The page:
Historical Context in Porphyria's Lover
Historical Context Examples in Porphyria's Lover:
Porphyria's Lover 3
"shoulder bare..." See in text (Porphyria's Lover)
Porphyria's overt sexuality, communicated by her bare shoulder and the “withdrawing” of her clothing, would have been shocking to a Victorian audience. Women’s sexuality was severely repressed at this time and seen as abhorrent, sinful behavior not fit for polite society. This agency moves the poem away from romantic themes to a more modern consideration of sexuality and gender relations.
"gay feast..." See in text (Porphyria's Lover)
The adjective “gay” means bright or lively, joyful, and full of mirth. For the middle class, Victorian parties were opportunities to make social connections, maintain relationships, and gain social power. That Porphyria leaves this happy party in order to go to her lover is a sign of her social deviance; she abandons this social ritual because her passion and love for this man are more important. The speaker sees this action as a type of weakness: her passion is so great that even her obligations to society cannot “restrain her.” He paints Porphyria as a wild, uncivilized woman who is at the mercy of her passion.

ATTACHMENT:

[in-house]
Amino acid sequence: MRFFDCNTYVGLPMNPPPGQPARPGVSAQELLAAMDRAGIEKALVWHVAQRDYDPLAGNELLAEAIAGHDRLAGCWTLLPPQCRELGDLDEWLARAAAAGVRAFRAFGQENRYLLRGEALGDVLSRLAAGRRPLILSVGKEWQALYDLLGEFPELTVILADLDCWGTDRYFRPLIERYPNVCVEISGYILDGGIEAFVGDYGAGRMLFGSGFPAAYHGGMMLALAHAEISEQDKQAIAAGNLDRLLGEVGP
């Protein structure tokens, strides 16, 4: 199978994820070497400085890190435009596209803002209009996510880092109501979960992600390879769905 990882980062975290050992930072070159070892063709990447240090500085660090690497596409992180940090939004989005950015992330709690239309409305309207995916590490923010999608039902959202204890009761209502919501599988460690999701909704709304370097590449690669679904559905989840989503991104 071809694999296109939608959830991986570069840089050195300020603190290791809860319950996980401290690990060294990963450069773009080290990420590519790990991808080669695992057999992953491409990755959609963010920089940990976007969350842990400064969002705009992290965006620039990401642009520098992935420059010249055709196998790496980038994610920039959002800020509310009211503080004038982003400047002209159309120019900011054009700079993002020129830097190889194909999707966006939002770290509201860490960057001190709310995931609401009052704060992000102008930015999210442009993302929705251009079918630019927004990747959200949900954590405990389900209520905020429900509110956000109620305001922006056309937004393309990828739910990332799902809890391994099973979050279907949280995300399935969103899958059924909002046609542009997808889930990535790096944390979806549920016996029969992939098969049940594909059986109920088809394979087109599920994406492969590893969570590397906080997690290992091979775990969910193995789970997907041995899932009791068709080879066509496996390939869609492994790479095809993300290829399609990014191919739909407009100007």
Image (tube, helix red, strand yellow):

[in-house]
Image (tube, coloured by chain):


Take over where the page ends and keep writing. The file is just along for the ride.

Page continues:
"I listened..." See in text (Porphyria's Lover)
Much like Browning’s famous poem The Last Duchess, “Porphyria’s Lover” takes the form of a dramatic monologue. A dramatic monologue is a poem in which an imagined narrator describes a particular situation or series of events and inadvertently reveals aspects of their own character. The speaker in a dramatic monologue is generally suspicious as they are not immediately forthcoming with aspects of their personality or actions.